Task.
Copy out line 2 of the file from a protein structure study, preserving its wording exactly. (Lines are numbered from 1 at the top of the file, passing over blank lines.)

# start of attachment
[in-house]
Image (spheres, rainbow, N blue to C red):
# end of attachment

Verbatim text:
Image (spheres, rainbow, N blue to C red):